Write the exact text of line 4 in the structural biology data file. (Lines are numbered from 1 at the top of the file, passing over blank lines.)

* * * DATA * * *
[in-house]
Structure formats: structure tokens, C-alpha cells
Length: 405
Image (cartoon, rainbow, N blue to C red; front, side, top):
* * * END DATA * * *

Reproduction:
Image (cartoon, rainbow, N blue to C red; front, side, top):